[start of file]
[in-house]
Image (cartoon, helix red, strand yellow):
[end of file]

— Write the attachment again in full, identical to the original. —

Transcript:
[in-house]
Image (cartoon, helix red, strand yellow):